As the stores change to meet customer demands and the new way of shopping, we are going to see heavier e-commerce competition in the year ahead. Those retail locations that still focus heavily on brick-and-mortar shopping, that want to create that 24-hour same-day or next-day delivery, they are going to have to offer more ship from store service. But to make that work, they may have to change the layout of their store to accommodate and get the space they need to facilitate pick-up or deliver. That said, they can analyze their surveillance data to determine the best floor plan that won’t create safety issues like blocked fire exits or other important store flow areas, where placing online buying packages cause a hazard. Video analytics and operations help raise these questions and can solve for these issues. Sure, it’s store policies, people and procedures that help solve for all this, but surveillance technology is an aid in the overall decision making.

Advancements in AI and facial recognition

Retailer technology solutions will continue to grow and advance because of artificial intelligence. With their processing capabilities they are going to need to balance two things, the ethical use of analytics and how it applies to retail, so that a level of privacy is created that customers expect. And that enhances their experience, while optimizing how operations impact the bottom line and the top line of the business every single day.

Facial recognition has proven to be an effective asset for customer service, business enhancement and safety outcomes. Although, many retailers are not ready for it yet, in Canada, it works well in a store’s arsenal against organized crime and repetitive theft. It can also be used to link in-store shopping to a digital marketing nurturing experience. Such as, the sweatshirt your customer looked at five times, but did not buy, can be followed up by sending an email with a coupon motivating them to come back and buy it.

If retail loyalty programs ever get to the point where they incorporate facial recognition, anytime a customer walks into a store, the store can synch their entry with multiple digital displays inside that say “X customer is here, show her a coupon for this product area,” i.e., shirts.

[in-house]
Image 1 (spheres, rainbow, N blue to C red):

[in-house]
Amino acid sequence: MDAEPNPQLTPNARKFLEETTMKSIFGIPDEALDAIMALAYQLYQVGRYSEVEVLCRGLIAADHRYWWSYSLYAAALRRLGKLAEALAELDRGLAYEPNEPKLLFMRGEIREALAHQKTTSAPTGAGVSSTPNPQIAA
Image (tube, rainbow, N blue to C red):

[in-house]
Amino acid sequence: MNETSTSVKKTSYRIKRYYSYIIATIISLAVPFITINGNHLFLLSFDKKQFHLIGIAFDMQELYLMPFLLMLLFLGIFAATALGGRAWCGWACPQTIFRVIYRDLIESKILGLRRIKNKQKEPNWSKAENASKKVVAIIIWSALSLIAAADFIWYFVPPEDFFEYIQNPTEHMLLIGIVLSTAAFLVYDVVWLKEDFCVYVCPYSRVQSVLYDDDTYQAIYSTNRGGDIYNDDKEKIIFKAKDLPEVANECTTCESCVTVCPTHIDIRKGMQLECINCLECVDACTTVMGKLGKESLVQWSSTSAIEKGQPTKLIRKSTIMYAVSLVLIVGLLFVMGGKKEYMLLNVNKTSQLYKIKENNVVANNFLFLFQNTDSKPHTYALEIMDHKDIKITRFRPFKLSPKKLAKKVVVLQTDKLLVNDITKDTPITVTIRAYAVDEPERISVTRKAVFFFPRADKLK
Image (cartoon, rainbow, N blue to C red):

However, the world is not prepared just yet for how personal activity intelligence (PAI) data is shared, so we need to think about integrity, think about use case and protecting personal and identifiable information in general, which is so important.

Smarter and safer retail

Image: Courtesy of Axis Communications

When we talk about becoming a smarter and safer world, it rings true for retail because we are solving for all aspects from customer service, business optimization and health and safety. By combining hardware with video analytics, stores find ways to reduce queuing times, perfect their store layout, allocate staff efficiently and protect them, and, ultimately, increase profits. They can even use surveillance equipment as a tool for creating a welcoming environment to attract visitors and inspire employees. They can improve security, reduce shrinkage, and increase operational efficiency even further.

More important than ever, with the way things are in the world, safety is top priority and so is streamlining operations. Technology is great for retail efficacy and efficiency. It makes our lives easy, and we want more of it, but privacy is a concern. This means cybersecurity must be at the forefront. Businesses need to invest in cybersecurity. This becomes the other side of protecting that personal data that customers entrust retail with. The last thing a business wants is to sign up members to a points program, and suddenly all their data or points are taken. We are seeing some big value data stolen every day.

Effective cybersecurity involves assessing risks and consequences and taking appropriate steps. Surveillance products should have built-in cybersecurity features, that are designed to decrease the risk of compromise and enable secure behavior. Staying cybersecure takes more than products with cutting edge technology. It’s also about ongoing store processes that take effort to maintain protection.

Keith D’Sa

Keith D’Sa is the country manager for Axis Communications in Canada and is responsible for all business operations in the region, including new business development, marketing, professional services and sales team leadership. D’Sa also manages Axis’ relationship with local distribution and channel partners.